If you're tired of fighting with your rusty old pump jacks or trying to squeeze one more job out of those twisted, chewed-up double 2x4 poles, consider upgrading to one of the state-of-the-art aluminum scaffolds made by Alum-A-Pole or Qual-Craft Industries. Your crews will be faster, safer, and happier working from one of these systems, which we put to work with Rosewood Construction, one of Boulder Colorado's leading custom builders.
Set-Up: Both Alum-A-Pole and Qual-Craft provide rugged, square aluminum poles, pump jacks, workbench brackets, braces, and padded bases. Qual-Craft also makes a spike-bottomed base that anchors the pole into the ground and would be great on sloping sites. Place a second-tier staging platform on either system's workbench brackets and you have a waist-high cutting station that also serves as a safety top-rail.
Only Alum-A-Pole provides its own aluminum staging platforms, workbenches, safety net, and safety end-rails that come OSHA-approved as a system. If you go with Qual-Craft, you'll have to get your own platforms and set up your own safety provisions to meet OSHA regulations.
Setting up each system is pretty similar. The aluminum poles come in a variety of lengths you can extend with additional pole segments. You feed the workstation brackets and pump jacks onto the poles the same way for both systems, then clamp the top braces onto the poles in a similar way. Both systems have safety/security chains that hold the platforms on the jacks. And both companies' pump jacks ride up and down the poles smoothly, without any chattering.
Poles: Both companies' various pole lengths can be joined to reach different work heights. However you can stack more sets of Alum-A-Pole's poles together than you can with Qual-Craft's if you need to get higher than 48 feet (that's Qual-Craft's limit).
We used each company's 24-foot-long poles for this review. Their slip-resistant rubber surfaces display the most obvious difference. Alum-A-Pole installs a flat, continuous rubber surface on the outside of its poles. Qual-Craft uses a rubber extrusion held in place with two continuous aluminum caps, that leave three strips of non-slip rubber exposed.
We didn't try this, but Qual-Craft says you can easily replace the rubber in the field in one hour by unscrewing these caps. If you ever need to replace them, Qual-Craft will send new rubber strips overnight. Alum-A-Pole dealers will replace their rubber or swap poles with you if needed.
Braces: Both companies' top braces clamp onto the poles; that's easier done on the ground before tilting the poles up. Alum-A-Pole's clamping system is easier to use and seems sturdier than the wing-nut clamp on Qual-Craft's brace, but both braces proved equally frustrating to properly adjust and fasten to a sloped roof.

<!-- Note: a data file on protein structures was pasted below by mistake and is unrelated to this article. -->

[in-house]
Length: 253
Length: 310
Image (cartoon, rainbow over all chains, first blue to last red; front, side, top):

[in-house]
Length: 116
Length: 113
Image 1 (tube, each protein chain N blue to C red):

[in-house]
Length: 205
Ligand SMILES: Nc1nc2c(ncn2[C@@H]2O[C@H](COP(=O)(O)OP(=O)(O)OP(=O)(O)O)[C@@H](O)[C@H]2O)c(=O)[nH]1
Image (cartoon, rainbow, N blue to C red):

Platforms: Alum-A-Pole makes its aluminum platforms and workbenches mate together for longer runs. They make a flush joint so there's no 1-1/2-inch "heart-attack" step from overlapped 2x12 planks. The aluminum platforms' aggressive perforations provide incredible traction, even in winter. Qual-Craft doesn't make or sell platforms and workbenches, but its pump jacks accept platforms made by a variety of other companies.
Jacks: Riding both of these pump jack systems on their aluminum poles is a dream; both systems install easily and operate smoothly and safely. You can adjust the width on both companies' jacks and workstation brackets for different-width platforms. Alum-A-Pole's adjusts by loosening two wing-nuts and sliding the bracket along slotted openings. That's a little easier than Qual-Craft's system, which requires you to completely remove two bolts and reinsert them into fixed positions. Alum-A-Pole's rubber foot loop swivels on the foot-pump; Qual-Craft's doesn't.
Operation: Both systems operate like that of other pump jacks. Alum-A-Pole and Qual-Craft give smooth rides in both directions. Their jacks allow you to ride down with your foot still in the foot-pump stirrup, and you can adjust the rate of decent on each handle. Qual-Craft's pump handles have a tendency to reseat themselves into their safety positions as you crank. You have to consciously hold them in proper position while lowering the staging.
Both companies' crank handles lock in as secondary safety brakes. Both systems seem to operate with great control and safety. Alum-A-Pole knurls the surface of its safety brake to give it more grip on the rubber surface, but both systems are a breeze to operate.
Costs: Once you figure in the same components, both systems are comparably priced. Alum-A-Pole's basic 24x24 system (two 24-foot poles, two 24-foot platforms, two pump jacks, workbench brackets, braces, bases, safety net, and rails) costs about $2,700. Qual-Craft's 24-foot poles, jacks, workbench brackets, braces, and bases cost about $1,350. If you add in about $1,000 for another company's 24-foot platforms and a few hundred bucks for safety railings, you end up spending between $2,500 and $2,700.
Despite their hefty price tags, buying into one of these systems seems like a no-brainer to me. And with the potential time savings and increased safety -- not to mention morale -- you'll wonder why you waited so long to make the change. Contact: Alum-A-Pole, 800-421-2586, www.alum-a-pole.com; Qual-Craft, 800-231-5647, www.qualcraft.com